- 4 Aug 08, 10:37 AM
Don't worry about the pollution, the Beijing authorities have been telling us.
Factories will shut down. Cars will be taken off the roads. Skies will be seeded with silver nitrate and clouds conjured away to leave the air perfect for the world's athletes.
That's the theory. Happy to lay my lungs on the line in the name of unscientific research, I decide to head out into the city on a long run to test conditions first-hand.
The initial signs are disconcerting.
As I jog down the stairs and out into Monday morning, the concrete tower-blocks of the Green Homeland Media Village are shrouded in what looks like a heavy autumnal fog.
Even with the sun completely hidden away in the grey blanket up above, the heat is intense.
Traffic is roaring by on the Beiyuan Lu expressway, soldiers in pale khaki shirts and white gloves marching in rectangles around the security barriers. I wave at a group of staring schoolkids and head south towards the Olympic Green.
Five minutes down the road, my t-shirt is already drenched, hanging heavy off my shoulders.
It's 9am. At this time of day, the Olympic marathon runners will still have seven or eight miles to go.
The triathletes won't even be starting the run leg of their races for another three hours.
I pass a woman whose mobile has an Axel F ring-tone and realise that my throat has started to feel sore, as if I had a cold coming on.
Maybe it's the road I'm running alongside, I think, and head down a side-street in search of a patch of greenery.
Another five minutes down the line, there's a strange lumpy feeling halfway down my throat. An old chap watering a freshly-planted verge hawks up a fat lump of phlegm and flobs it expertly into a plant-pot.
When in Rome, I think, and spit into the gutter with relish. The metallic taste in my mouth remains.
It's not easy working out where to go. The haze obscures anything more than 100m away. I've picked a bad day - today the BBC reading registers 292 micrograms of particulate matter per cubic metre (the World Health Organisation target is 50).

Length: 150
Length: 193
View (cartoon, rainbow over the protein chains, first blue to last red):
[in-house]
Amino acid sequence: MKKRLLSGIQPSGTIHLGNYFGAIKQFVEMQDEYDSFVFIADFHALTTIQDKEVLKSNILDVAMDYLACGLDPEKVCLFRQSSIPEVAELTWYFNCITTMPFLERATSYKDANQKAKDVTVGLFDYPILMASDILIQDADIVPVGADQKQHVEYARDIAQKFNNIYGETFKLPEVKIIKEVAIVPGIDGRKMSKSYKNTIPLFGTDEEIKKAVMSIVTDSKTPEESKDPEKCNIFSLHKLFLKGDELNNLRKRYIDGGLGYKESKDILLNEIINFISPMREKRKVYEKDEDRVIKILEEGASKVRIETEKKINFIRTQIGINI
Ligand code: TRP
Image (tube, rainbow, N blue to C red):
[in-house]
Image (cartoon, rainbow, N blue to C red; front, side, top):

I'd planned to aim for the Bird's Nest Stadium 5km away, but there's as much chance of me spotting it in these conditions as there is of me doing the pole vault there in 10 days' time.
The road stretches into the gloom, the two dedicated Olympic lanes completely empty of traffic while buses and bikes fight for position in the other lane.
"One world, one dream," read the banners flapping from the lamp-posts. My map shows a large park off to the left, but everywhere you look are tall fences and short officials with strict instructions to keep you out.
At the halfway stage, my eyes have started to feel gritty, as if I'd been out all night in a club full of smokers. Three weary-looking blokes slumped on a bench ni-hao in my direction as I rub my eyes and I ni-hao back.
The stinging in my throat gets worse as I head back north, the Bird's Nest lost somewhere in the smog.
Towers of apartment blocks loom slowly out of the mist. Young blokes on mountain-bikes pedal past while shouting into mobiles, which at least makes me feel more at home.
Every now and then a solitary soldier stands on a small plinth, staring into a seemingly random direction with a blank expression.
My lungs feel half their normal size. No wonder an asthma sufferer like Haile Gebrselassie decided to sack off the Olympic marathon, even though he's the world record holder.
The only other time my lungs have felt this bad was when I got stuck behind a brigade of belching buses while foolishly cycling down Oxford Street.
By the final few miles I'm dragging my legs along like sandbags. There could be several reasons for that - seven hours of jet-lag, the cannonball-like lump of egg-fried rice lodged halfway down my digestive tract, a delusional attitude towards my own fitness - but I've also taken it incredibly easy.
How much worse would I be feeling if I'd really opened the lungs up and got my heart-rate going?
At the end I'm coughing like a 20-a-day man. It's like I've borrowed the lungs of my colleague Ben Dirs - and if you've ever seen Dirsy trying to walk up a flight of stairs, you'd know that's a very bad thing indeed.
In the long list of cities that you'd never want to run in again, the competition is fierce.
Choosing between the traffic-choked hell of San Salvador or the dusty madness of Delhi, for example, is almost impossible, while a man can lose so much fluid in sweat in Kuala Lumpur that he'll grow a beard before he visits a urinal again.
Until today, however, I'd always considered Cairo to be out there alone at the top of the pile.
Not any more. And when would they ever stage an Olympics in Cairo?
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